When you shop online for a dry herb vaporizer, “convection” and “conduction” are two terms that you’re going to read quite often — and they are terms that you absolutely should not ignore. Are you spending all of your time wondering whether you should get a desktop or portable vaporizer? Are you thinking about whether you should get a vape that’s for dry herbs only or one that can handle both herbs and wax? What you should really be thinking about is the technology behind the oven that’s actually vaporizing your material. So, how do convection vs. conduction vaporizers differ, and why is it important? You’re about to learn.
What Is a Conduction Vaporizer?
A conduction vaporizer heats your material via physical contact. Although the herbs don’t touch the oven’s heating element directly — that would cause burning — they do touch a metal or ceramic oven in close proximity to the heating element. The oven gets hot, and the herbs that touch the oven get hot. The herb particles touch one another, further transferring the heat. Eventually, the heat radiates all the way to the center of the oven.
What Is a Convection Vaporizer?
While a conduction vaporizer carries heat through physical contact, a convection vaporizer uses air to carry heat from the heating element to the herbs. A convection vaporizer may have a fan that forces hot air through the herbs, or it may have a ventilation system that draws air through the herbs when you inhale. Since the air penetrates the oven to the center, the full contents of the oven reach the desired temperature almost simultaneously. You can find numerous convection and conduction vaporizers at shops like Evertree in Ireland.
Pros and Cons of Conduction Vaporizers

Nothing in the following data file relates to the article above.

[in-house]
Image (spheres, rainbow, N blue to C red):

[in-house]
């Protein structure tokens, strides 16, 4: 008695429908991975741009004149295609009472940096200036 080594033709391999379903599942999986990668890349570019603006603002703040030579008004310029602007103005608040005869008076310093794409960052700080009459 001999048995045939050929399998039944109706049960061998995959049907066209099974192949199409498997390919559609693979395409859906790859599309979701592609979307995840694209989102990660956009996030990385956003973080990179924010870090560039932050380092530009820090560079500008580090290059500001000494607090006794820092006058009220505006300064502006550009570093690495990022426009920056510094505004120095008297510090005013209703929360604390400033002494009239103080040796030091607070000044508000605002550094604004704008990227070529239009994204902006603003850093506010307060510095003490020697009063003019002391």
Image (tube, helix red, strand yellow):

The greatest benefit of conduction vaporizers is that they’re usually less expensive than convection devices — and today’s inexpensive vapes are nothing like the cheap vaporizers of the past. Today, the e-cigarette and dry herb vaping industries share technology, and both sides of the industry have improved by leaps and bounds as a result. Several years ago, using a cheap conduction vaporizer meant that you were always trying to maintain a balance between getting a usable amount of vapor and not burning your herbs. With today’s conduction vaporizers, the temperature settings are far more accurate.
If you’ve had your eye on a tiny, fashionable vaporizer like the DaVinci MIQRO, you know that dry herb vaporizers have gotten smaller and nicer looking than ever while offering better performance than ever. Little design tricks — such as a zirconium oven packing ball in the case of the DaVinci MIQRO — help these devices achieve consistent heating in spite of their tiny size. If you want a vape that’s small, sleek, light and pocketable, it’s got to be a conduction vaporizer.
As we mentioned above, a conduction vaporizer by design heats the herbs from the outer edge of the oven to the interior. It can take some time, therefore, for the herbs in the middle of the oven to reach your set temperature. By the time that happens, the herbs on the outside of the oven may begin to taste spent. You may start to taste that characteristic “burned popcorn” flavor of spent herbs when the herbs in the middle of the oven still have more to give. To achieve complete usage, it’s necessary with some conduction vaporizers to open the oven midway through the vaping session and give the herbs inside a good stir. The uneven heating also means that conduction vaporizers aren’t always the best choice for pure flavor enjoyment — at least not for the entire vaping session.